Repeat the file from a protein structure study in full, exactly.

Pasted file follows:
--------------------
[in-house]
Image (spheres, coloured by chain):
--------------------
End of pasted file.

[in-house]
Image (spheres, coloured by chain):